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Eastern Screech Owl

Otus asio (Otus is Greek for “an eared owl; asio is Latin for “a kind of horned owl.”)
Prepared by
Ann Walton
Audio File 1
Audio File 2

Length: 7-10 inches
Wingspan: 18-24 inches
Weight: male: 140-210 g, female: 150-235 g.

Sexes alike; there are two color phases, gray and red.  Both gray and red phase owls have prominent ear tufts, when raised (when flattened, their heads appear roundish); in both phases eyes are yellow and bills are pale.  The facial disks in both phases are outlined in black, and both show two rows of white wing spotting and lightly banded tails.

Gray phase: Ash-gray, or gray-brown, above with heavy, dark streaks and crossbars.  Underparts lighter, also with darker vertical and horizontal patterning.  Grayish facial disks.

Red phase: Plain rufous above without the heavy markings found in the gray phase.  Underparts are creamish with rufous crossbars and dark vertical streaking.  Rufous facial disks.

Immature in both phases initially covered with white down.  Gray or red coloring follows with darker horizontal barring without streaks.
Vocalizations include descending whinny or sharp bouncing ball sound on one pitch. 

Southern Saskatchewan, Manitoba, and Ontario south throughout eastern part of US to east Mexico.
Open woods (oak and cottonwood preferred), forest clearings, old orchards, residential areas with mature nesting hole trees, suburban parks.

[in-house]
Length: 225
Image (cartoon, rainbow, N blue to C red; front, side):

Its opportunistic diverse diet consists of small mammals (mice, rats, shrews,
moles, flying squirrels, chipmunks, bats), birds(songbirds, quail and doves, American Kestrels, other screech owls), frogs, lizards, snakes, salamanders, small fish, snails, spiders, milli-and centipedes, earthworms, and insects. It is nocturnal, and hunts by taking short flights from a tree with surrounding open area, or one located on edge of woods.
March-May. Nests in natural tree cavities, or old woodpecker holes, in open deciduous woodland, parks, towns, scrub; cavity areas along streams or rivers are especially favored. Will use birdhouses. Clutch is 2-8 eggs.
Adults sedentary; 75% of young disperse in fall, relocating between 10 and 32 kilometers from nesting area.
Fluctuating status due to habitat loss and the creosoting of telephone poles; the slight declining years seem to bounce back as these owls adapt to suburban life and slowly expand their population westward. Was placed on the Audubon Blue List of declining species in 1981 and then in 1982 and 1986 was listed as “species of special concern.”